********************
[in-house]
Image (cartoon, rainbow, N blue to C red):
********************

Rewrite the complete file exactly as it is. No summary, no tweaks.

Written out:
[in-house]
Image (cartoon, rainbow, N blue to C red):